<hi rend="smallCaps">CHARLES JOHNSON</hi>, 60 P. On February 1 at 10.55 p.m. I was in High Street, Lewisham, when I saw Everett walking very fast, followed by a crowd. A tram driver caught him and said, "This is the man you want." Croxford gave him into custody for uttering a counterfeit 2s. piece and assaulting him by knocking him down with his fist. Everett made no reply. I took him to the Lewisham Police Station. On the way Everett said, "You are not going to take me to the station," and commenced to struggle; we both fell to the ground, got up, he commenced to struggle again; there was a tram coming towards us—he said, "I will throw you under the tram." I blew a whistle and Police-constable Jarrard arrived. We got him to the station struggling all the way. He twice tried to throw me under the tram. He was charged and made no reply. He was sober. On the way to the station Moss said, "Why do not you let the poor man go—what are you going to charge the man with?" At the station I searched Everett, and said to Moss, "I believe you are the woman that offered to call a police
<lb/>man?" She said "Yes." I asked her to come into the station and asked her whether she had ever seen the male prisoner before. She said "No." I asked her for her name and address, she gave it as "Clara Moss, 3, Emerson Street, Canning Town," and left. Everett gave the address, "Ernest Everett, 91, Garvary Road, Cus
<lb/>tom House." Coin (produced) was handed to me by Croxford. On February 3 I saw Moss at 46, Ethelm Street, Lambeth. On Febru
<lb/>ary 9 the two prisoners were charged with uttering counterfeit coin to West and Morris; they made no reply.</p>
<p>Cross-examined. I took prisoner 150 yards from Croxford's shop—he was turning into Mount Pleasant Road. He was not running; he did not appear to have been running; he was not too exhausted to run. He was quite sober; he may have had a glass or two; he did not appear the worse for drink.</p>
<xptr type="pageFacsimile" doc="191102280036"/>
<p>Police-constable
<hi rend="smallCaps">JOHN JARRARD</hi>, 479 P. At the station Moss was asked, "Do you know this man?" She said, "No, I have not seen him before."</p>
<p>Sergeant
<hi rend="smallCaps">LLOMB BUNN</hi>. On February 3 at 9.45 a.m. I, with other officers, saw Moss at 46, Ethelm Street. I told her we were police officers and that I had reason to suspect her of uttering a counterfeit florin to a chemist at Rushey Green, Lewisham, on the night of February 1, and that I should arrest her; she said, "What—what me?" I said, "Yes, you." She said, "Oh, dear, what shall I do. He has brought me to this, he has ruined me." I searched the room and found packet of plaster of paris, packet of silver sand, a file, paper containing scrap metal, a saucepan or melting pot, a packet of cyanide of potassium, a piece of metal, packet of sulphur, packet of boracic powder, Epsom salts, bottle of castor oil, tin containing crystals. I told her I believed she was the woman who had purchased the packet of boracic powder that I had found on Everett and that I was going to put her up for identification. She said, "Do not do that, there is no need for it. I bought the packet with the 2s. he gave me. I admit it all. I am old enough and ought to have known better." When charged she said "Yes." On February 2 I went to Morris, he pro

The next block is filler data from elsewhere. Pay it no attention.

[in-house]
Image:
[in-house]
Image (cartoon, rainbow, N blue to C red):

<lb/>duced a number of coins from a bag amongst which I noticed florin (produced) which was dark. There were three other good florins in the bag.</p>
<p>Cross-examined. The bad florin is now bright—I took it to the Mint. I noticed nothing unusual about the good florins—they may have been dark or worn. I had not tried the melting pot on the fire—it could be used for boiling water or milk. I has no holes in it; it is made out of a beer can. The other articles were found on various shelves in a cupboard; they do not appear to have been in recent use except the plaster of paris; the silver sand was in a new bag.</p>
<p>
<hi rend="smallCaps">
<persName id="t19110228-name-144" type="witnessName">
<interp inst="t19110228-name-144" type="gender" value="male"/>
<interp inst="t19110228-name-144" type="surname" value="SMITH"/>
<interp inst="t19110228-name-144" type="given" value="SYDNEY WILLIAM"/>SYDNEY WILLIAM SMITH</persName> </hi>, Assistant Assayer, H.M. Mint. The two florins (produced) are counterfeit; they are of different dates. I have examined the articles (produced); they are used in the manufac
<lb/>ture of counterfeit coins, cyanide of potassium is used as a bath for silver plating.</p>
<p>Cross-examined. The piece of lead is certainly not a mould. I suggest that certain of the other articles are part of a plant for making spurious coin. I do not suggest that the two coins produced were made with these materials. The scrap metal is silver. I have not tested the saucepan; in my opinion it could be used to melt metal.</p>
<p>(Saturday, March 4.)</p>
<p>(Defence.)</p>
<p>
<hi rend="smallCaps">
<persName id="t19110228-name-145" type="witnessName">
<interp inst="t19110228-name-145" type="gender" value="male"/>
<interp inst="t19110228-name-145" type="surname" value="EVERETT"/>
<interp inst="t19110228-name-145" type="given" value="ERNEST"/>ERNEST EVERETT</persName> </hi> (prisoner, on oath). I was formerly a hatter, but for the last two years have been in the service of a bookmaker during the season. I frequently pay out money to the extent of £20 in silver.</p>
<xptr type="pageFacsimile" doc="191102280037"/>